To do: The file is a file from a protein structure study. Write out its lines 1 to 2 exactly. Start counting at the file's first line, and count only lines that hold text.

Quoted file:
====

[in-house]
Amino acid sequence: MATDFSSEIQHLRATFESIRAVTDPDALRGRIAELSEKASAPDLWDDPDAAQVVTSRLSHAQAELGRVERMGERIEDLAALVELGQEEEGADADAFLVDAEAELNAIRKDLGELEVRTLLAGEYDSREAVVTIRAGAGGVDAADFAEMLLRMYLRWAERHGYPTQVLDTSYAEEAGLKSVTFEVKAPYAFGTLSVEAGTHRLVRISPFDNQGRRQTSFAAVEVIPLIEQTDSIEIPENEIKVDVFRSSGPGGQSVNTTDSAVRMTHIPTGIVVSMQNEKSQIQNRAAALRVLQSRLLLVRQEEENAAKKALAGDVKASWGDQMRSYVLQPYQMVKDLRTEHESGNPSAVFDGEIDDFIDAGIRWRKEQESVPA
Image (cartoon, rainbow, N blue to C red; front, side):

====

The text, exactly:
[in-house]
Amino acid sequence: MATDFSSEIQHLRATFESIRAVTDPDALRGRIAELSEKASAPDLWDDPDAAQVVTSRLSHAQAELGRVERMGERIEDLAALVELGQEEEGADADAFLVDAEAELNAIRKDLGELEVRTLLAGEYDSREAVVTIRAGAGGVDAADFAEMLLRMYLRWAERHGYPTQVLDTSYAEEAGLKSVTFEVKAPYAFGTLSVEAGTHRLVRISPFDNQGRRQTSFAAVEVIPLIEQTDSIEIPENEIKVDVFRSSGPGGQSVNTTDSAVRMTHIPTGIVVSMQNEKSQIQNRAAALRVLQSRLLLVRQEEENAAKKALAGDVKASWGDQMRSYVLQPYQMVKDLRTEHESGNPSAVFDGEIDDFIDAGIRWRKEQESVPA